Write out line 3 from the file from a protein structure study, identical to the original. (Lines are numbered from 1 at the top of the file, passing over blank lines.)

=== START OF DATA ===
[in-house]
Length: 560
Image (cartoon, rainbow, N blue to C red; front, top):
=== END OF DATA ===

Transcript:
Image (cartoon, rainbow, N blue to C red; front, top):